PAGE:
ion scattering spectroscopy (rus. спектроскопия ионного рассеяния abbr., ISS) — a set of methods to study solid bodies based on analysis of ions elastically scattered by the studied sample.


Depending on ions' energy, ion scattering spectroscopy divides into:

• low-energy ion spectroscopy (1-20 keV);

• medium-energy ion spectroscopy (20-200 keV);

• high-energy ion spectroscopy or Rutherford backscattering spectroscopy (200 keV-2 MeV).

Low-energy ion spectroscopy (which is often designated by the general term "ion scattering spectroscopy") is used to study the structure and composition of surfaces because low-energy ions do not penetrate to a depth of more than a few atomic layers.

Medium-energy ion spectroscopy and Rutherford backscattering spectroscopy are based on the fact that high-energy ions can penetrate deep into the sample due to the small scattering cross-section. Both methods facilitate the investigation of the samples' structure and composition as a function of the penetration depth. The difference between them is that Rutherford backscattering ensures greater penetration depth but lower resolution, while the medium-energy ion spectroscopy, to the contrary, has a shallower depth but better resolution.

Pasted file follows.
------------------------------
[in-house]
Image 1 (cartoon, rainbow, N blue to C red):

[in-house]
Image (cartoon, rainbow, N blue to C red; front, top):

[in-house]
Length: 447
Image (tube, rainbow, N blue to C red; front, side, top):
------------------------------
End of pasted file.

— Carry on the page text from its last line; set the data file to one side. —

When the primary ion beam is oriented along the main directions in the crystal these methods are sensitive to the surface; in this case the effect of the volume is minimised due to the channeling effect (for details see the "Rutherford backscattering spectroscopy" article).


  • Zotov Andrey V.
  • Saranin Alexander A.


  1. Oura K. et al. Surface Science: An Introduction // Springer, 2010 - 452 pp.

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